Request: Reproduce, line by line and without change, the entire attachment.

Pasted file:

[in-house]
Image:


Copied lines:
[in-house]
Image: